God's Gift "No God": From the Buzzcocks' New Hormones label comes something altogether unlike the Buzzcocks in every way except that certain unmistakable Englishness. Around 1979-80, God's Gift made this 12" and a 7" on the label before, I presume, fading into oblivion. Ungooglable, their story remains a mystery to me, but their completely dessicated plodding twangy postpunk is quite the rewarding test of patience, and again, not unlike the Country Teasers.

Dogbite 65 "We're Going to Tassle City": This Portland band was (still is?) a side project of Buck Rothy and Zack from Danava, and formerly Princess Sweepstakes, who became Danava after Zac Nelson moved down here to Sacramento and later started Who's Your Favorite Son, God?, and that's some crucial recent KDVS history that we'll be bragging about for the next decade or two. Buck and Zack made this three-song CDR-EP called "Motorbike Poop" with help from Zac Nelson on raucous, ridiculous background vocals. Musically, this reminds me of something you'd hear on the Nuf Sed or Brinkman labels about 15 years ago...psychedelic weirdpunk taking some cues from Thinking Fellers Union Local 282 and maybe a couple from Caroliner, too. Ramp the progfactor to a stylish medium/high level for that final fugue. Shoulda been a vinyl-bound keeper!

Slicing Grandpa "Fence": Seattle’s supreme slingers of evil lofi dungeon drone drive a hooky bassline. Now, don’t think boring ‘cos I said drone. Writhing, scrawly, and creepy, their scuzzy noise reveals a great sense of humor. Not everyone will appreciate the joke, because of course it’s very twisted and misanthropic. But if you have the heart for black comedy, and especially if you reach again and again for Shadow Ring records when you wanna let the laffs rip, then you oughta get to know Slicing Grandpa…and while you’re getting familiar, also check out the related Kount Fistula, another branch of the Tractor Sex Fatality family tree of bands.

Deathgleaner "Life With Lice": Tons of teens these days dress up in the tight girljeans, eyeliner, and assymetrically screenprinted undersized shirts, and this is the uniform to enjoy some overproduced screamo-goth-metalcore amalgam with a five-word band name that glorifies pain and agony. But not Griffin. This teenaged noise phenom originally from Kansas City but now skating between Portland and Olympia has an incredibly mature handle on just what agony should sound like. I'd say that this particular track (taken from the "PDX Artix 2006 Mix-Tape") compares well with some of the best material by Prurient. The ominous prelude reveals patience far beyond his ADD-riddled generation's normal capacity, and the convulsive derangement of the possessed itch-fest crescendo is just plain scary. You will be scratching at little burrowing phantoms in your beard, yet Griffin's probably too young to grow one! The idea that he may improve with age is perhaps the only thing scarier than this song.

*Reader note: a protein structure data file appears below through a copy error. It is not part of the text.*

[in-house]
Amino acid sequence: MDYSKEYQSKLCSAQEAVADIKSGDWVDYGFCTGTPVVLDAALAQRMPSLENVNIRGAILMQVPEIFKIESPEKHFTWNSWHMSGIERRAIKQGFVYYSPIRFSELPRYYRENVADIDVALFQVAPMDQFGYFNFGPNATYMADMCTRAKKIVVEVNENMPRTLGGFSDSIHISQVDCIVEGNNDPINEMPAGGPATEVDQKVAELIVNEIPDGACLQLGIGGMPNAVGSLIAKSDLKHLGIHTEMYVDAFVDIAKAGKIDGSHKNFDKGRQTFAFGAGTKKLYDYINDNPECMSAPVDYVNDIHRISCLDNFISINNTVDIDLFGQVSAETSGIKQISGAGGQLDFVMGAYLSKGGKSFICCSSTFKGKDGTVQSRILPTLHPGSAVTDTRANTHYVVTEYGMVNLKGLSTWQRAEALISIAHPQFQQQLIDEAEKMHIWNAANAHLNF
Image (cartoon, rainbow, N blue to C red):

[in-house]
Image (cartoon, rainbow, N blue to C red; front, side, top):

German Shepherds "Booty Jones": If M.A.L.'s incest song wasn't enough to turn your stomach, you might still wanna brace yourself for this song, which I can only assume is an autobiographical song about pedophilia. The voice you hear is that of a man who killed himself awaiting trial for child molestation charges. The prosecution would have been really smart to introduce this song as evidence. The defense could've also used the disorienting synth sounds and gloomy bassline and trembling voice--a'la early Cabaret Voltaire--to build a case for insanity. Truly courageous stuff, even if it's totally repulsive.

N.213 "Revenger": Nic Hughes is best known to most of you as the singer/guitarist of Shearing Pinx and the drummer of Channels 3 & 4, who have been two of the most exciting Vancouver bands of recent years, but he's still got enough time and spark between all that to be in no less than two other bands of high quality, AND also have his solo project, N.213, which is unmistakably Nic for the most aggressive sounding delayed vocals you might ever hear. You hear it in Shearing Pinx, and you hear it on this solo track which was taken from his "SX-79" CDR album on his own ultra-prolific vanity label, Isolated Now Waves. There's a lot of variety among the several N.213 releases, but "SX-79" was very much a dark electro or dark-wave sorta thing, essentially very authentic but with an icy no-wave edge.

Men/Eject "Draw": I've gotten two different stories about who this band was, but they remain a mystery. The sleeve of this 7" from 1980 had no band or label information, but the grooves contain some of the most compelling dystopian bleakness and alien-weird almost formless synthpunk I've ever heard.